This post is drawn from a soon-to-be presented paper at SIGCSE ’18.
Some curricula and programs weave arts into STEM (and especially computer science) learning, and this combination prompts many to measure “creativity.” Previous research on creativity offers a model for measuring creativity from four perspectives: product, process, person, and press (place).
The latter two perspectives lend themselves to measurement via survey scale: Personal creativity is the traits, tendencies, and characteristics of the individual who engages in creative work. Place is the set of environmental factors that encourage creativity.
We developed a scale to measure these two aspects of creativity within the context of a high school computing course that introduces students to programming through music remixing, EarSketch. EarSketch is designed to broaden participation in computing by placing students within a thickly authentic learning environment that has personal and real-world relevance in both computing and music.
The two scales, along with their subconstructs, are presented below:
Table 1. Personal Creativity Scale
|Expressiveness: conveying one’s personal view through computing||· I am expressive and creative while doing computing.
· I can express my unique view of the world through computing.
|Exploration: investigating ideas in computing||· I am capable of exploring many different ideas, options, or outcomes in computing.|
|Immersion/Flow: feeling absorbed the the computing activity||· When I do computing, my attention is fully captured by the activity.|
|Originality: generating unique and (personally) novel ideas in computing||· I can come up with new ways to do things in computing.
· I produced something in computing that I never thought was possible.
|Sharing: inviting friends/family to see and participate in computing work||· I want to share what I do in computing with my friends.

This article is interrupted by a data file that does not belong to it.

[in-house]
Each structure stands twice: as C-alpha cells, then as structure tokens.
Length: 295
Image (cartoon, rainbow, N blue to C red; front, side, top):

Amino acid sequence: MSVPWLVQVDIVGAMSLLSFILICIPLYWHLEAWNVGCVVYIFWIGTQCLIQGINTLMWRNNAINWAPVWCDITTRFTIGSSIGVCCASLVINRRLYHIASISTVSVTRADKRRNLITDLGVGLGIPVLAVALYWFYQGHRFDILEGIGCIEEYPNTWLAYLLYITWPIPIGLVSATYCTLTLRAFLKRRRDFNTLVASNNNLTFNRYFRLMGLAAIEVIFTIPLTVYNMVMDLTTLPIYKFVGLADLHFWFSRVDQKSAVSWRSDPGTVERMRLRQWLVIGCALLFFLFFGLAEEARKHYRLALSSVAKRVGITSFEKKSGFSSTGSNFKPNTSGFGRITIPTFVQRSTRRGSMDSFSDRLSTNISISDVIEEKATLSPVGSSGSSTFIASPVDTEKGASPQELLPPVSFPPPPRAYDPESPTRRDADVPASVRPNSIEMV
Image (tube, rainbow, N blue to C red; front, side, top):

· I want to share what I do in computing with my family.
· Computing is something I want to do with my friends.
|Creative Thinking Skills: approaching computing problems from new perspectives; unorthodox solutions||· I look for different solutions to a computing problem.|
Table 2. Authenticity Scale
(Prompt: To what extent did Unit 2…)
|Personal: activities that are meaningful to the student||· Allow me to work on projects that are meaningful to me.
· Allow me to create things that I am proud of.
|Real World: activities reflect aspects of the milieu outside of school||· Allow me to work on projects that are based in the real world.
· Help me explore and think about real world issues.
· Allow me to talk with others about what I learned.
|Disciplinary: activities that are authentic to computing||· Encourage me to think like a computing professional.|
|Assessment: activities that require students to demonstrate learning||· Provides me with feedback that helps me solve computing problems.
· Tells me what I know and what I don’t know about computing.
We administered both scales through a pre/post retrospective student survey at the end of the programming unit. Personal creativity was administered in both the pre and post condition and authenticity was measured only at post. We found both scales to be reliable in both the pre- and post- conditions (Personal Creativity: α = .90 and .92; Authenticity: α = .91). On a survey administered to 205 high school students taking Computer Science Principals, the pre-to-post personal creativity results were significant (p<.001) with a relatively large effect size (d = 1.23).
- Amabile, T.M. 1990. Within you, without you: The social psychology of creativity and beyond. In Theories of Creativity, A. Runco and R.S. Albert. Sage Publications, Newbury Park, CA, 61-90.
- Engelman, S., Magerko, B., McKlin, T., Miller, M., Edwards, D., & Freeman, J. (2017). Creativity in Authentic STEAM Education with EarSketch (pp. 183–188). ACM Press. https://doi.org/10.1145/3017680.3017763